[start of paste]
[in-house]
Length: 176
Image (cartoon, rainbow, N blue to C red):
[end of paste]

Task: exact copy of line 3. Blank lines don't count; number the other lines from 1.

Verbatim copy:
Image (cartoon, rainbow, N blue to C red):